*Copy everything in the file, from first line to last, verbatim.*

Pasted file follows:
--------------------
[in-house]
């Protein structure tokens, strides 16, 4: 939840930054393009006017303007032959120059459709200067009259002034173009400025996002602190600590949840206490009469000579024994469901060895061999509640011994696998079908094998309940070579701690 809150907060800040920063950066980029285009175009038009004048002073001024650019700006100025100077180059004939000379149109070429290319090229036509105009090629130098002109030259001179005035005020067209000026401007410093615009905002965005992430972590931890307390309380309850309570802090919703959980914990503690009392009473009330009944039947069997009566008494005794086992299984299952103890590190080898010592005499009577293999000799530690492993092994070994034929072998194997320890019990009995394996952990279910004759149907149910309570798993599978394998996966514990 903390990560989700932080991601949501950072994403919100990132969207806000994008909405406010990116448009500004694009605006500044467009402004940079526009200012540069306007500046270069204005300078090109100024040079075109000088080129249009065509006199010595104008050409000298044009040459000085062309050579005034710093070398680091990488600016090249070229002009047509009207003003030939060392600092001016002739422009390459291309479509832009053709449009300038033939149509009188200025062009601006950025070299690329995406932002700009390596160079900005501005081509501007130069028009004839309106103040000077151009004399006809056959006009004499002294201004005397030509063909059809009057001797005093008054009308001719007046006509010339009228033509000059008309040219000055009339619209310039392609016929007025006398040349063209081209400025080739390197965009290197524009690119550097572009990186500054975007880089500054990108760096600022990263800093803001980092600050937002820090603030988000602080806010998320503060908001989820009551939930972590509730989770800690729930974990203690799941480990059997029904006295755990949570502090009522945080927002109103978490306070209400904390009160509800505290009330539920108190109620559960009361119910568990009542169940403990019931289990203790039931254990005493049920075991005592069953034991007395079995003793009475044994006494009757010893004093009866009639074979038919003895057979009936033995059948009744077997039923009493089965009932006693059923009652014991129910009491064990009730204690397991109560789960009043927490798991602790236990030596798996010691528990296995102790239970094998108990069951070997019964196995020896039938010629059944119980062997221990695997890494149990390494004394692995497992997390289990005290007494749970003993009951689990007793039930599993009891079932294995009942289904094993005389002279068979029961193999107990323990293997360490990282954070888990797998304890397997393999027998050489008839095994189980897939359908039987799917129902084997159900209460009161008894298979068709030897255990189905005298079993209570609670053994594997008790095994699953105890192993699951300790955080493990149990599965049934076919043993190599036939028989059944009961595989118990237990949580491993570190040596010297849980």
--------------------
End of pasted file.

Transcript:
[in-house]
């Protein structure tokens, strides 16, 4: 939840930054393009006017303007032959120059459709200067009259002034173009400025996002602190600590949840206490009469000579024994469901060895061999509640011994696998079908094998309940070579701690 809150907060800040920063950066980029285009175009038009004048002073001024650019700006100025100077180059004939000379149109070429290319090229036509105009090629130098002109030259001179005035005020067209000026401007410093615009905002965005992430972590931890307390309380309850309570802090919703959980914990503690009392009473009330009944039947069997009566008494005794086992299984299952103890590190080898010592005499009577293999000799530690492993092994070994034929072998194997320890019990009995394996952990279910004759149907149910309570798993599978394998996966514990 903390990560989700932080991601949501950072994403919100990132969207806000994008909405406010990116448009500004694009605006500044467009402004940079526009200012540069306007500046270069204005300078090109100024040079075109000088080129249009065509006199010595104008050409000298044009040459000085062309050579005034710093070398680091990488600016090249070229002009047509009207003003030939060392600092001016002739422009390459291309479509832009053709449009300038033939149509009188200025062009601006950025070299690329995406932002700009390596160079900005501005081509501007130069028009004839309106103040000077151009004399006809056959006009004499002294201004005397030509063909059809009057001797005093008054009308001719007046006509010339009228033509000059008309040219000055009339619209310039392609016929007025006398040349063209081209400025080739390197965009290197524009690119550097572009990186500054975007880089500054990108760096600022990263800093803001980092600050937002820090603030988000602080806010998320503060908001989820009551939930972590509730989770800690729930974990203690799941480990059997029904006295755990949570502090009522945080927002109103978490306070209400904390009160509800505290009330539920108190109620559960009361119910568990009542169940403990019931289990203790039931254990005493049920075991005592069953034991007395079995003793009475044994006494009757010893004093009866009639074979038919003895057979009936033995059948009744077997039923009493089965009932006693059923009652014991129910009491064990009730204690397991109560789960009043927490798991602790236990030596798996010691528990296995102790239970094998108990069951070997019964196995020896039938010629059944119980062997221990695997890494149990390494004394692995497992997390289990005290007494749970003993009951689990007793039930599993009891079932294995009942289904094993005389002279068979029961193999107990323990293997360490990282954070888990797998304890397997393999027998050489008839095994189980897939359908039987799917129902084997159900209460009161008894298979068709030897255990189905005298079993209570609670053994594997008790095994699953105890192993699951300790955080493990149990599965049934076919043993190599036939028989059944009961595989118990237990949580491993570190040596010297849980």